Thursday, March 22, 2012

tHERsDay


The morning after a nocturnal seizure.

Late last night CB had a nasty grand mal seizure, knocking her out of bed and face first onto the floor.  I found her convulsing violently with blood oozing from her nose, spattering everywhere with each forceful exhale as she gasped for air.

After 2 minutes of the grand mal seizure and another few minutes of petit mals, I was able to move her back into her bed though her weak and shaking body was barely able to stand.  In the dark, I cleaned up the blood on her arm and face and rug.  Then I sat with her for a long time until she was safely asleep.  Returning to my bedroom, I brushed my teeth and tried to forget but my hands were speckled with red like a Jackson Pollack painting and I kept seeing its pattern on my pale flesh long after I washed it away.  Much like Pollack's canvas, I didn't know what it all meant.  

Nights like this used to make me break down, but I'm beyond crying after bearing witness to this for the past 17 years.  The tears are literally gone.  I don't know if it's strength or emotional survival.  To go on autopilot, dissociated from the worry, the grief, the fear, the ache, the guilt is probably more self-protective than courageous.  I was only too eager to fall into sleep so I could wake up in a new day and bury yet another episode in the soil of yesterday.

Sleep was not as fulfilling as I had hoped.  Rella came crawling on top of me at 2:00 am and after an hour of being unable to move under her weight, I relocated her back to her own bed.  She returned at 4:00 am and this time I allowed her to stay plastered up against my back, figuring that perhaps I wouldn't get much sleep but at least I was giving comfort to one of my girls.

Dr. Fabulous had to leave at 6:30 am so I gathered myself out of bed, nursing a chronically sore back.  I jumped into the early morning hub-bub of a school day unrefreshed and flying solo.  The three little girls woke up none the wiser to any of the drama that occurred while they slept and despite my bloodshot eyes, I don't think I appeared any worse for the wear.  We sang songs, I made pancakes, we chatted, and all was quite typical.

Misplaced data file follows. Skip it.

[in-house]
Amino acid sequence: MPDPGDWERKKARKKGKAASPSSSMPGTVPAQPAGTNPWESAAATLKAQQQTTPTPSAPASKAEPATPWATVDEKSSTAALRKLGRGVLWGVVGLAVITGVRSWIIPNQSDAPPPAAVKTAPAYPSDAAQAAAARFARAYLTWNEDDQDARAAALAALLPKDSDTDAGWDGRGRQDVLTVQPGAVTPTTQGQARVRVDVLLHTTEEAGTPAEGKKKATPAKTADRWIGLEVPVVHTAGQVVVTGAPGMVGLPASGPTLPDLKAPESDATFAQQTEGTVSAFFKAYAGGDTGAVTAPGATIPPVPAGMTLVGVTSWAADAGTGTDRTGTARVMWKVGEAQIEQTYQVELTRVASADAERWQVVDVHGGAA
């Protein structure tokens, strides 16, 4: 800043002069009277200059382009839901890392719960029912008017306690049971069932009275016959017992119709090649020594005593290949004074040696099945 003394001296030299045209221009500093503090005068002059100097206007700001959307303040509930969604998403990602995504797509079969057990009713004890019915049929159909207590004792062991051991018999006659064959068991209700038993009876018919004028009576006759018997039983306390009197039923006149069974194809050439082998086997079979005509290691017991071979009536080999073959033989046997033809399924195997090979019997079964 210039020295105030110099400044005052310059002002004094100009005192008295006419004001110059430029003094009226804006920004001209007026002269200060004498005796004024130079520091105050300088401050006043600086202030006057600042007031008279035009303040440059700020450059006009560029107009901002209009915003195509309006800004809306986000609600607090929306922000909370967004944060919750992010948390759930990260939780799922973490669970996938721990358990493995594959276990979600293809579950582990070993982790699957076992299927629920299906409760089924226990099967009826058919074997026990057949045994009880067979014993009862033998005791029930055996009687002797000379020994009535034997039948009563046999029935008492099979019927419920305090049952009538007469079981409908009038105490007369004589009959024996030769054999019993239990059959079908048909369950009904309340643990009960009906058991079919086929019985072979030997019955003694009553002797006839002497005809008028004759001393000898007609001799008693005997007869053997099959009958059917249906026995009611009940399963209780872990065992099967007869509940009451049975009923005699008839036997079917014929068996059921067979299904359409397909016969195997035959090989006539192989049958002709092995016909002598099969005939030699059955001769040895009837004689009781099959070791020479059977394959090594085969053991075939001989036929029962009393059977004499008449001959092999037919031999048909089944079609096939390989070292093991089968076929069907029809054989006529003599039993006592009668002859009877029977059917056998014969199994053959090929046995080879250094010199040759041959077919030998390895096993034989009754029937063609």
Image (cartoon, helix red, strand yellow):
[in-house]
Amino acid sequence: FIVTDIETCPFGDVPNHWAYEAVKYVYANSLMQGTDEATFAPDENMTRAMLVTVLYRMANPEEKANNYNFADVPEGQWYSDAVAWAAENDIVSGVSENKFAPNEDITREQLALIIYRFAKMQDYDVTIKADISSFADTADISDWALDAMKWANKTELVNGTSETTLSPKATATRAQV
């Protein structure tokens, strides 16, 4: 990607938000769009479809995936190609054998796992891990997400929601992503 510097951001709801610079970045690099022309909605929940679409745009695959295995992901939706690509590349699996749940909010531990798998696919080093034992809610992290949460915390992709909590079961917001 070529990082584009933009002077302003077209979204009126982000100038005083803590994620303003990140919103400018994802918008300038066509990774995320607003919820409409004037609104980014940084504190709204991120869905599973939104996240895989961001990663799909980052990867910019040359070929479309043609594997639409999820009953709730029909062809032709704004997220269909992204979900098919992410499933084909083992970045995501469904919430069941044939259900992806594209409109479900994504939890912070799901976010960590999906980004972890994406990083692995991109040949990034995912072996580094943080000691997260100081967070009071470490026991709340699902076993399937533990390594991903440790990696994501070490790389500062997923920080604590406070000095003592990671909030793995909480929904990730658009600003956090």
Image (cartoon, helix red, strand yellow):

I allowed CB to stay in bed as long as she needed and was relieved to find her back to her "regular self" after a recuperative sleep.

I thought of how the two of us looked like nothing bad had happened only about 10 hours prior.  The shadow of a bloodstain on her carpet, the only evidence to the contrary.

7 comments:

Elizabeth said...

I was JUST saying to a friend that it's so weird to carry on normally with our lives with all this sh@#$# going on, too.

I'm sorry and can only express that and my utmost empathy and solidarity.

LoopyKat said...

Such a heartbreaking picture of CB, she's lucky to have such a great mum

kario said...

It somehow seems wrong to comment on how beautifully you wrote about the terror that happened, but I am so struck by your use of visual language.

That said, I wish that the twisting of my gut as I read about it had some sort of useful power to restore your energy or heal CB or protect her against future seizures. But instead, I am only feeling sad on the opposite coast.

I will send you all love and light and hope it reaches you. If nothing else, I can completely relate to the sore back that comes from being pressed up against a sweaty, bed-hogging child for several hours in the middle of the night.

Moonbeams and Eco-Dreams said...
This comment has been removed by the author.
Sunday said...

I'm so sorry Alicia...most of all for CB as I am sure she finds the seizures most terrifying of all.

Does she have them often?

Thinking warm comforting thoughts for you both.

Lexi said...

This makes me ache. It's haunting and beautifully written. I have a hard time believing how scary things to me can be so normal to you. You amaze me.

ajax said...

I agree with Elizabeth, isn't it weird? During weeks of more frequent misfiring it's impossible not to be fixated on it, hyper-vigilant, and/or half waiting for a sudden storm, yet the rest of the world putters by so seemingly carefree.

Funny. once i fell and struck a bathroom wall and left the giant blood spatter for a while. I called it a Jackson Polluck also (my last name's Jackson so i thought i was fairly clever at the time) Strange the things you might find in common with another life sharing the seizure theme.

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